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Jacobs alumnus Carl Broemel of ‘My Morning Jacket' plays at the Bishop


Tyler Ramsey and Carl Broemel perform Feb. 20 at the Bishop. Broemel sang during Broemel and Ramsey's first song together.  Alex Deryn Buy Photos

Indiana native and rock musician Carl Broemel performed Wednesday night with folk singer-songwriter Tyler Ramsey at the Bishop Bar.

People found it easy to settle into the leather seats and mingle with each other in the small, intimate setting of the Bishop. Broemel himself was spotted in the crowd before the show, sipping a drink and talking to any concertgoers brave enough to step up and shake his hand.

Broemel grew up in the north side of Indianapolis and went to Pike High School. After graduation, he attended the Jacobs School of Music before becoming a backup vocalist for the band “My Morning Jacket” in 2004.

When Ramsey and Broemel first stepped on stage, Broemel looked up into the stage lights and announced that it seemed like he was staring into a blackhole. He then proceeded to sing a song about black holes entitled “Dark Matter” from his recently-released album “Wished Out.”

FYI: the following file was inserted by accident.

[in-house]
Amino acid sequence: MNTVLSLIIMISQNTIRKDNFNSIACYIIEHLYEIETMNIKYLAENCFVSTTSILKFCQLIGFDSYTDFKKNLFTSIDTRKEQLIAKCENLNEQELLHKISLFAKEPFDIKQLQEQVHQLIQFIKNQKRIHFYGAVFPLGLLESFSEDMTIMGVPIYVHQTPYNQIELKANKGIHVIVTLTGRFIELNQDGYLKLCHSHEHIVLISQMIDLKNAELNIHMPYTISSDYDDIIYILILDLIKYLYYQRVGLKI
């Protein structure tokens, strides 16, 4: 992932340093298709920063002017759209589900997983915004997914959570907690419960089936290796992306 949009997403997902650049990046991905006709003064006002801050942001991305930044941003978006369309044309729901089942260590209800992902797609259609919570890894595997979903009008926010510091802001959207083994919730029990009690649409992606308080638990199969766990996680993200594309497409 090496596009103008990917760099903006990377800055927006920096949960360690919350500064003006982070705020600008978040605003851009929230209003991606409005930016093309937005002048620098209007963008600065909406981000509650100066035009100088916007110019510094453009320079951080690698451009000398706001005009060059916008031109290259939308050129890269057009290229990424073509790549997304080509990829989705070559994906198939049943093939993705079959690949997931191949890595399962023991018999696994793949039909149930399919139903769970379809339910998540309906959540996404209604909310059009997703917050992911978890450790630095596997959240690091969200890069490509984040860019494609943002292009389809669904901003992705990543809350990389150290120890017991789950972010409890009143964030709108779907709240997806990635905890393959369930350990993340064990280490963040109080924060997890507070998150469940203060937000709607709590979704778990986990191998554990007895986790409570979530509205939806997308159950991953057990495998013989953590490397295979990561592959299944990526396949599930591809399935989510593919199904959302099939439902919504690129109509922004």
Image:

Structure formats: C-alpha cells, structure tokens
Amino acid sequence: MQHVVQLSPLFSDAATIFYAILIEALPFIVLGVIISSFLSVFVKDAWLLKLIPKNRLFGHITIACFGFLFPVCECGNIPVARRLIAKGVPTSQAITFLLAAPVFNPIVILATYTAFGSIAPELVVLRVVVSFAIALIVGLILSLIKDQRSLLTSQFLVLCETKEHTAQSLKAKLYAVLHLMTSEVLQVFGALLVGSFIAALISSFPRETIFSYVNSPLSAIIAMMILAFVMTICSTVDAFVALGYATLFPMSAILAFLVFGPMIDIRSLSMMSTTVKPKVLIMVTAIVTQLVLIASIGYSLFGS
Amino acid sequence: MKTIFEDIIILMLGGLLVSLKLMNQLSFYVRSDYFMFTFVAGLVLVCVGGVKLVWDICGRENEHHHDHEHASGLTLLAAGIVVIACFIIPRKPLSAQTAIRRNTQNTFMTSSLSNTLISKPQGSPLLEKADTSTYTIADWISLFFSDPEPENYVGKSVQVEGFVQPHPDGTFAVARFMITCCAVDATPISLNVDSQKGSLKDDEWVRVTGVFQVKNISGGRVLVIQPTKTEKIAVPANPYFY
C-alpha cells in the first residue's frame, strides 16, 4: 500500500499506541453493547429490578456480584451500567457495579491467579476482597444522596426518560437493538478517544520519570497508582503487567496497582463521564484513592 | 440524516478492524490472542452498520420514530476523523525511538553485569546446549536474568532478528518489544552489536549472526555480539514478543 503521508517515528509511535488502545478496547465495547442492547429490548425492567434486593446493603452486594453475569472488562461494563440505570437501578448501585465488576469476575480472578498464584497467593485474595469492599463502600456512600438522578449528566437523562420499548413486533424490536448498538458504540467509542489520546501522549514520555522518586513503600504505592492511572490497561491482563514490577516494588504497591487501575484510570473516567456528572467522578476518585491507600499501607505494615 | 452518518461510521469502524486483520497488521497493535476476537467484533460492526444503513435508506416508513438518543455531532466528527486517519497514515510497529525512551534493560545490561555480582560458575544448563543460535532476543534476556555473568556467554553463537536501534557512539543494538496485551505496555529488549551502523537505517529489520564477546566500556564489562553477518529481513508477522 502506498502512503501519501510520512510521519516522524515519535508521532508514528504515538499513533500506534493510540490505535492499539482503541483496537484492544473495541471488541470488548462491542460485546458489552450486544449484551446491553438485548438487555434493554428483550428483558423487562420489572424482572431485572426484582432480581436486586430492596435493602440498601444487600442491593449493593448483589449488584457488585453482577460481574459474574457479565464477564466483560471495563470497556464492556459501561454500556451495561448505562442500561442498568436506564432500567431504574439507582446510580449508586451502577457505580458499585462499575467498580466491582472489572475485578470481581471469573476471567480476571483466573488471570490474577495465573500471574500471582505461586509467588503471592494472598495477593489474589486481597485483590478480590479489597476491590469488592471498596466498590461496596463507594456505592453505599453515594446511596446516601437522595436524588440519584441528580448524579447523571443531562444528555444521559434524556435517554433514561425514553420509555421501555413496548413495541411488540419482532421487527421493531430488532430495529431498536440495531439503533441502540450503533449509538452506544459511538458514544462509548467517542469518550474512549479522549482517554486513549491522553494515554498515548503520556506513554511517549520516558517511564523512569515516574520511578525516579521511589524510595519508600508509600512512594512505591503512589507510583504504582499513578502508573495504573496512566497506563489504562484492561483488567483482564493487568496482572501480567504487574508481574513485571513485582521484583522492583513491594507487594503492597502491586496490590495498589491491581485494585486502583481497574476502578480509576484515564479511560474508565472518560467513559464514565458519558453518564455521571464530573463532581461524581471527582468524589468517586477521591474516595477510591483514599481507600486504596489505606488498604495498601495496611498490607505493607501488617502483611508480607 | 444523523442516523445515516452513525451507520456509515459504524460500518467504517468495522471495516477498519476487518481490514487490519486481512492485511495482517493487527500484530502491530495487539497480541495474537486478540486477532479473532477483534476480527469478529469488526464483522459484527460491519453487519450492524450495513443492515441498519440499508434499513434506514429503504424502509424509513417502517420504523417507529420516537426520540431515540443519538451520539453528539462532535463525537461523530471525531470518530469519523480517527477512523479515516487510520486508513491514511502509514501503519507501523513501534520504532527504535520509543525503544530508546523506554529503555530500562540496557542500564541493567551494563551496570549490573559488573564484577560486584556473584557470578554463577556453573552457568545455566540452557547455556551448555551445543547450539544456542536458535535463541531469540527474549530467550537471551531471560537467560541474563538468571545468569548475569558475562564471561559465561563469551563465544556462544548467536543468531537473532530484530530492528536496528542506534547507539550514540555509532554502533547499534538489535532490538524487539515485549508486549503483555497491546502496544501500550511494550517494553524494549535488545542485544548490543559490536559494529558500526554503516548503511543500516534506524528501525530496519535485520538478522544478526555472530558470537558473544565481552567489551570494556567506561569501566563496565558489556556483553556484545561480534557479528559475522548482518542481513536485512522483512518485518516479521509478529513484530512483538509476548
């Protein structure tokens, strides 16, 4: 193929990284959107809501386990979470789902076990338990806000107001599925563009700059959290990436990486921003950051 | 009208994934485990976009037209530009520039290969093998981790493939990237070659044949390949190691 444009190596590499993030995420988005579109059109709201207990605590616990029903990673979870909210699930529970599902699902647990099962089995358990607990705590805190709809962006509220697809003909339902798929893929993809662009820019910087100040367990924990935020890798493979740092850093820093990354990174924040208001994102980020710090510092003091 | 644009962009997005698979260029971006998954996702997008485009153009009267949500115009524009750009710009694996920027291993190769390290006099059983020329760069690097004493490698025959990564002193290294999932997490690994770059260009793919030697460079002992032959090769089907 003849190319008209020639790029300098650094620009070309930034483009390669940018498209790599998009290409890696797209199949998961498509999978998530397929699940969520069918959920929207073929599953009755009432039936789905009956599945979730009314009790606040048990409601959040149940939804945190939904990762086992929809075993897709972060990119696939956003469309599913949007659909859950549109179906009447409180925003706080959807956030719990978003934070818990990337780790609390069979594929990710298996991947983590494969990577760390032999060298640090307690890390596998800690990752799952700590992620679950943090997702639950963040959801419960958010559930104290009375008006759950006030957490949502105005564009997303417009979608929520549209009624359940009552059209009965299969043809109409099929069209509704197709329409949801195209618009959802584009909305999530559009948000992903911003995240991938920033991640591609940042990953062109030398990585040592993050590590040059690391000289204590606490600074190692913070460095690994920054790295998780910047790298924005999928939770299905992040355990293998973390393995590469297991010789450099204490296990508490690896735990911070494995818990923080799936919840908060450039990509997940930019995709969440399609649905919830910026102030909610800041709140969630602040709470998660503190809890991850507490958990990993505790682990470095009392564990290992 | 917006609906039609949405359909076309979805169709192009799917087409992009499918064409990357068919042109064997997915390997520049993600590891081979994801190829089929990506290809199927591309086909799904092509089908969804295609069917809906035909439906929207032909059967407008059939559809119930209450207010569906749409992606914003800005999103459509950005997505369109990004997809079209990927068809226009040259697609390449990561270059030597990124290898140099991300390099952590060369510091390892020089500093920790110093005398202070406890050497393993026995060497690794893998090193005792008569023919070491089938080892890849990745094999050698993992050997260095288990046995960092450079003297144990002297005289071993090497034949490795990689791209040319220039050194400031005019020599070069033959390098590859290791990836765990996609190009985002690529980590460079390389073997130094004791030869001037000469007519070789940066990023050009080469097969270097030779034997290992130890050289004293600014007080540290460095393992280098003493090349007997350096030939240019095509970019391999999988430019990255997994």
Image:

For the set, each artist would play one song, sometimes two and then pass it off to the other to sing one of his songs. Both of them, however, were constantly playing or singing harmonies for the other.

During the show, Ramsey performed a few songs from his album “For the Morning,” which is set to release April 5.  

This performance is a part of a short run of shows that began Feb. 19 in Lexington, Kentucky, and will end Feb. 26 in Cincinnati.

“We thought it would be a good idea to drive around in a car in February in the Midwest,” Broemel told the crowd.

The crowd laughed in response.

The duo had never directly performed together before the tour, but when they played together and shared their intimate music, the crowd responded with small sways and shouts of approval. 

“I want to say thank you to Carl,” Ramsey said during the show.

He went on to explain that he and Broemel has never spent much time together, much less sit in a car for hours at a time, but that the tour had worked out better than they had imagined.

After one instrumental break, Ramsey turned to the audience and explained that he has always pictured playing with Broemel like this.

“That was the sound of my personal dreams come true,” Ramsey said.

One of the final songs the duo performed was Broemel’s song “4th of July.” 

“Burning in the Indiana sun, driving aimlessly with coke and rum,” he sang. “I’m back at home.” 

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